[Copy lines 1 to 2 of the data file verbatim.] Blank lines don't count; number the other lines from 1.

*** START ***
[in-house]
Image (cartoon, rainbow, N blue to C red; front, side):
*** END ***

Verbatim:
[in-house]
Image (cartoon, rainbow, N blue to C red; front, side):